Ethical Futures London, RSA.

AGENDA 09.00          Registration

09.20           Audience seated in the Great Room

09.30 – 09.40      Welcome – Matthew Taylor, Chief Executive of the RSA

09.40 - 10.10       Panel Discussion – Communicating the issues:  enriching the dialogue Our perceptions about scientific advancements are influenced by information that we receive from           a myriad of sources.  Can we trust the quality of the information in the public domain? Is there a           connection between this and our overwhelming negative response to some new and emerging               technologies? Chair: Oliver Morton - Chief News & Features Editor, Nature Dr Anjana Ahuja – Features writer & columnist, The Times Cory Doctorow – Science fiction writer, journalist and blogger

10.10 – 10.20     Audience participation

10.20 – 10.30     Short story competition award presentation RSA short story competition on our vision of the future

10.30 – 11.00     Coffee break

Presentations An exploration of country experiences in developing ethics frameworks

11.00 – 12.20    Session chair: Dr Jonathan Carr-West – Programme Head, RSA

Japanese Bioethics and Enhancement– Prof Takao Takahashi

1.    reflective equilibrium 2.    enhancement debate in japan

history of bioethics in japan -    from 1970s to 1980 beginning -    1969 – Japanese Asoc of Med Law -    1971 – principle of Informed Cnsent in Tokyo -    1971 – Mitsubishi --- Life Science Institute of Ideas

second period 1982 – first ethics committee 1983 – first IVF baby born in japan 1985 – mass media on bioethics 1988 – Japan Assoc of Bioethics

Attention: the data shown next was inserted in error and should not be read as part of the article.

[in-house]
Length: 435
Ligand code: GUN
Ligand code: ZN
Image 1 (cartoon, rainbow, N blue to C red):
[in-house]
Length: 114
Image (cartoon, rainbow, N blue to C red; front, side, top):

3rd period 1993- guidelines for gene therapy 1995 – first gene therapy 1997 – organ transplant aw 1999 – firs organ transplant from brain-dead person 2000 – human cloning law 2001 – guidelines for human genome research 2007 – guidelines for end of life care agenda: surrogacy, revision to organ transplant law

Taking Life and Death Seriously – Bioethics from Japan -    Advances in Bioethics – vol.8, Elsevier

Reflective Equilibrium Moral judgements, moral intuition, custom Basic concepts basic principles Intermediate principles, law, guidelines (via Interpretation, abduction)

no level is absolute coherentism

subcom of human embryo research: structure of its argument

moral judgements, moral intuition, custom -    safety donor rights, right to research, usefulness, disclosure

respect for human dignity -    prohibition against dealing as only a method -    prohibition against identity of human species

Current Sitn in Japan on Enhancement -    public interest o    not strong o    prefer surrogate mother to designer baby o    Ritalin – abuse, attract media o    Cyborg – only in few tv progs o    Doping – prob of sport •    Make too much of safety -    research interest o    cannot be solved by Beauchamp and Childress’ principles or respect for dignity •    search for not-borrowed original principles or, reinterpretation of existing principles -    16th Annual Assoc of Biethics Conf (2004) o    first appearance at conf o    agena: defn of enhancement, classicifcaitons o    discussions of funl concepts (therapy, self, dignity, autonomy goodness) -    18th Ann Ass Conf (2006) o    aenda: nature of life, dyanics of sci, economics -    19th Conf (2007) o    brain enhancement, SSRI, genetics

Characs -    general rather than specific -    emphasis on other countries -    re-examine fundamental concepts rather than applic of existent principles (philosophical dialogue) -    reflective equilibrium -    moral intuition to criticize or deduce fundamental concepts -    solidarity

Enhancement and Japanese compatibility -    Reason (right way) o    Through history, customs, o    Prudence (Yamato Gokoro), unselfish o    Customs, bottom-up -    Value as endurance – customs, conventions -    Sympathy – natural bond of humans -    Life – soc like living thing

General view -    ambiguity of life o    self-preservation, improve enviro o    inevitability of mistakes, aging dath •    negative, but is opposite o ideal of machine -    human dignity basd on ambiguity of life o    respect for other o    sympathy for vulnerable, care for others

Structure of morality based on ambiguity of life -    moral sentences, customs

Where is permissible range? -    if A exceeds, then B as brake -    permissible ranges -    therapy is most famous -    natural